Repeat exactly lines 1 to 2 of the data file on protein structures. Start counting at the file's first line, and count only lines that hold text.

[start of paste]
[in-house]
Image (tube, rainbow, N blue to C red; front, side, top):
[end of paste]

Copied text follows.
[in-house]
Image (tube, rainbow, N blue to C red; front, side, top):